NEW figures on NHS hospital admissions for injuries caused by mammals - including dog and rat bites - show Wigan to be in the top 10 per cent.
The data reveals that people were treated on 62 occasions due to bites from dogs, rats and other animals including horses, foxes and cats.
The analysis, released today by the Health and Social Care Information Centre (HSCIC), covers Hospital Episode Statistics (HES) Admitted Patient Care data from March 2014 to February 2015 inclusive and examines the total number and rate of admissions in England compared to the previous 12 month period.
The NHS Wigan borough figure is the 22nd highest in the country out of the 202 CCGs whose results were published. Wigan’s figure is also relatively high when compared to others per 100,000 with a figure of 19.4 putting them in 29th place.
In 2013, Wigan youngster Jade Anderson was killed after she was attacked by a pack of dogs while at a friend’s house. Since then her parents have campaigned for tougher laws to be imposed and stricter sentences to be handed to owners.
The highest in the country is NHS Oxfordshire which had a staggering 190 admissions; 84 more than the second highest NHS Sheffield.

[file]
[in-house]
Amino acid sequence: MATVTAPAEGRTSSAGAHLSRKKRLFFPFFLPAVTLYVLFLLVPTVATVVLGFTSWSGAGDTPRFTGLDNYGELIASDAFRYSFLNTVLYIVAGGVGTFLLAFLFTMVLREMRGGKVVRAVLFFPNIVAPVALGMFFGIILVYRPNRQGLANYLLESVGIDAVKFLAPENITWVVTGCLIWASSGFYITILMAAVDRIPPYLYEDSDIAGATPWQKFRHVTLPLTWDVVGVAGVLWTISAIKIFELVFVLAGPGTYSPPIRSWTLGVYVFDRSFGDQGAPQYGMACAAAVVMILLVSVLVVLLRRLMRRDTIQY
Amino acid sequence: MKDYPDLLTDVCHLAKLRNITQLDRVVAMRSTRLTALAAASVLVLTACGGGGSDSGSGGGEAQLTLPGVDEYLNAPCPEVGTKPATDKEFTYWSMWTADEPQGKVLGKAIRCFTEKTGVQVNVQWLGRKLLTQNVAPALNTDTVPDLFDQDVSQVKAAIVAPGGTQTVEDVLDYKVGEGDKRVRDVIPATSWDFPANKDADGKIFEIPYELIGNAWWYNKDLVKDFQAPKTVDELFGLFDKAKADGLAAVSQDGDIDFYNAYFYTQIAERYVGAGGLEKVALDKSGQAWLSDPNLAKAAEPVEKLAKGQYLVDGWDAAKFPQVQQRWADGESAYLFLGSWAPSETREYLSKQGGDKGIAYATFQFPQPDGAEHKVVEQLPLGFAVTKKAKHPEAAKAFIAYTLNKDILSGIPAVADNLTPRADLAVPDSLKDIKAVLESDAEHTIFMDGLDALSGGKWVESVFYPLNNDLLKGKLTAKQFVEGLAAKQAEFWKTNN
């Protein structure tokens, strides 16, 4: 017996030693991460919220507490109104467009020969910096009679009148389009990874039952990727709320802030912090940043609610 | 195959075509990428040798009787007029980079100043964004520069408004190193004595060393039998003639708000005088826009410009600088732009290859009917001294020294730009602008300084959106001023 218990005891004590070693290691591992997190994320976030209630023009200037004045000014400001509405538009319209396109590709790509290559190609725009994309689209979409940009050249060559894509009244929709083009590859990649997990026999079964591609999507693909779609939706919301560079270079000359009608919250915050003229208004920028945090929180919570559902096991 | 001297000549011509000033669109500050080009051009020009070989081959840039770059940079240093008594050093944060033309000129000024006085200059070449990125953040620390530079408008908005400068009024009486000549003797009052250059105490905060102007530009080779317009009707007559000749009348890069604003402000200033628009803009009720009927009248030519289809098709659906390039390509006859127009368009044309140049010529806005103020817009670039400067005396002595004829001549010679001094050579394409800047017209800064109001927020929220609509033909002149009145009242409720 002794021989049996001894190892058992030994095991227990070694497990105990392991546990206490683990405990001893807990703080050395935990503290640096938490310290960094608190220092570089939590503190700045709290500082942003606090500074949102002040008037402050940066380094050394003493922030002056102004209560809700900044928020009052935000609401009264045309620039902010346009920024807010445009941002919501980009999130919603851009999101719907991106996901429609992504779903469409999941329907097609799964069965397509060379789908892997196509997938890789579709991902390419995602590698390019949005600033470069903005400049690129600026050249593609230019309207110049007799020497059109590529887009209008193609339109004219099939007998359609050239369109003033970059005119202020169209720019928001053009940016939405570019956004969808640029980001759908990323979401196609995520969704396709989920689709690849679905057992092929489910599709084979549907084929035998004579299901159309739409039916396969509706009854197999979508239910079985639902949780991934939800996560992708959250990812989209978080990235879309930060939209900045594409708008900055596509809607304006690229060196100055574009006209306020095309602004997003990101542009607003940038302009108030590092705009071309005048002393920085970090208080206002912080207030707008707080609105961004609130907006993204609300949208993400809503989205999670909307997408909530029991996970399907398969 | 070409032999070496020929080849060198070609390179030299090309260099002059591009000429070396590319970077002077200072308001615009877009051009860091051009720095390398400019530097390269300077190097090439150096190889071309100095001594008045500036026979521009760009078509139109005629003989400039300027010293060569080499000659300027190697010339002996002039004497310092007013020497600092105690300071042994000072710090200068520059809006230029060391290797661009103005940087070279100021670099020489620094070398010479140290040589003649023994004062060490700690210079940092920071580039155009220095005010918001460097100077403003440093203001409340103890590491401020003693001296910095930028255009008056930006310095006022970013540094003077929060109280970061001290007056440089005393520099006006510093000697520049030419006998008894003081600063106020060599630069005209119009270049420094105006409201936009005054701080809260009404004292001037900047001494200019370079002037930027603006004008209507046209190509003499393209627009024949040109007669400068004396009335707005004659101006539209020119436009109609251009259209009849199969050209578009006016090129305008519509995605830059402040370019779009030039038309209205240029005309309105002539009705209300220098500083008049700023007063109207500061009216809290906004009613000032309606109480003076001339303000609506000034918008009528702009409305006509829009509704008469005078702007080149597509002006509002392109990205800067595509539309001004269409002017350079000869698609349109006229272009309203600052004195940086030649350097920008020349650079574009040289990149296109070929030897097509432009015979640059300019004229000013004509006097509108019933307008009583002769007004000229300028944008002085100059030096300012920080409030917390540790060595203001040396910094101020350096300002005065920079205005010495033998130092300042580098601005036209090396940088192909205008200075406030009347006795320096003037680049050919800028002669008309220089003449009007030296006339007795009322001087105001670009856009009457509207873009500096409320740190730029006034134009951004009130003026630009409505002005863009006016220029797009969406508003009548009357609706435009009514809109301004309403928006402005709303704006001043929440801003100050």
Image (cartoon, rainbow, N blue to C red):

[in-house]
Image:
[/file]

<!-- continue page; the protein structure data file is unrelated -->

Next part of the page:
NHS Liverpool had the highest figure in the North West with 105 admissions, while nine CCGs didn’t show any figures.
The number of people admitted to hospital after being bitten or struck in the year between across the UK was 7,227, up from 4,110 in the corresponding period 10 years ago.
The most commonly affected age group was children aged under nine, with 1,159 admitted to hospital, according to the HSCIC’s latest Hospital Episode Statistics release.
The increase in admission rates was mirrored by a 76 per cent rise in the admission rate for bites and strikes by other animals over a 10-year period when total hospital admissions rose 25% from 12.6 million to 15.8 million, HSCIC said.
The HSCIC noted: “Throughout this period the proportion of admissions which had any external cause recorded stayed relatively stable around 8%, so the increase in bite admission rates cannot simply be attributed to an increase in recording external causes.
“Admissions due to dog bites were generally higher in summer months and lower in winter, though there was a minor peak in December 2013. This pattern is not as pronounced for admissions due to other mammal bites.”